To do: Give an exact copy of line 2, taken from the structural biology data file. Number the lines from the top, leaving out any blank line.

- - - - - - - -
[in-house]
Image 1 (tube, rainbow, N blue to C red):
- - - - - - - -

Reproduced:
Image 1 (tube, rainbow, N blue to C red):